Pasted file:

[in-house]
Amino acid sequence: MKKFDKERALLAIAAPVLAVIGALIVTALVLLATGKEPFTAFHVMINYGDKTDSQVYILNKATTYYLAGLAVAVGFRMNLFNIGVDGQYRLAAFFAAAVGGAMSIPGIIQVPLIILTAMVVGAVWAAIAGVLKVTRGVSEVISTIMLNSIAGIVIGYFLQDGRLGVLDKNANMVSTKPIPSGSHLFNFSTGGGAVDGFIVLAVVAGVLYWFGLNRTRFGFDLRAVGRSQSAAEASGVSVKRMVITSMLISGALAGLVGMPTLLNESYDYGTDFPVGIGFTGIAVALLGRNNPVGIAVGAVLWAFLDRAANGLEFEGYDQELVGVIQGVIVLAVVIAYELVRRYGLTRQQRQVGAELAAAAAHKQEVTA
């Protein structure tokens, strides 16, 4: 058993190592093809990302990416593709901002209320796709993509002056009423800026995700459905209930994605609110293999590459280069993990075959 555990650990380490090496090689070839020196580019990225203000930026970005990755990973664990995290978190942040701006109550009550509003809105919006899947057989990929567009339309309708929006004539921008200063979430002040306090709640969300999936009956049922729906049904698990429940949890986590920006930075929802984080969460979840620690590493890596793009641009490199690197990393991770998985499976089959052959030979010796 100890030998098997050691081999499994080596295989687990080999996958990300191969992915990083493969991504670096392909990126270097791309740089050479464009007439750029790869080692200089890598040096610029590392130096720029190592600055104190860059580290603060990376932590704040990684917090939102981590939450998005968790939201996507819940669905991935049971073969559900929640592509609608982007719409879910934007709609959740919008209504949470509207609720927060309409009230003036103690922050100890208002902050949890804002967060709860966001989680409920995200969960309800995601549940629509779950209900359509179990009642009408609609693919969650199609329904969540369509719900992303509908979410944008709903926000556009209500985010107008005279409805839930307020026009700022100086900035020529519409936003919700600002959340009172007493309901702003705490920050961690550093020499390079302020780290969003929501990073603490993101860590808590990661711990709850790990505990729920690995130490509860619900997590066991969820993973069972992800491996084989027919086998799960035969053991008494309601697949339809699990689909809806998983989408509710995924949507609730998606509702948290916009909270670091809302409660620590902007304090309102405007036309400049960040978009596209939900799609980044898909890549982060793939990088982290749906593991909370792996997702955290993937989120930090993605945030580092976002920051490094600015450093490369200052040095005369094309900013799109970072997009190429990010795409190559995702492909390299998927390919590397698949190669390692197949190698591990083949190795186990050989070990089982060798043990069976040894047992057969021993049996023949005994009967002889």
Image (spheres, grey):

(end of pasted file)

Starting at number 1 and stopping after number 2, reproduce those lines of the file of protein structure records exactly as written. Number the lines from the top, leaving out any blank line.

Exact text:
[in-house]
Amino acid sequence: MKKFDKERALLAIAAPVLAVIGALIVTALVLLATGKEPFTAFHVMINYGDKTDSQVYILNKATTYYLAGLAVAVGFRMNLFNIGVDGQYRLAAFFAAAVGGAMSIPGIIQVPLIILTAMVVGAVWAAIAGVLKVTRGVSEVISTIMLNSIAGIVIGYFLQDGRLGVLDKNANMVSTKPIPSGSHLFNFSTGGGAVDGFIVLAVVAGVLYWFGLNRTRFGFDLRAVGRSQSAAEASGVSVKRMVITSMLISGALAGLVGMPTLLNESYDYGTDFPVGIGFTGIAVALLGRNNPVGIAVGAVLWAFLDRAANGLEFEGYDQELVGVIQGVIVLAVVIAYELVRRYGLTRQQRQVGAELAAAAAHKQEVTA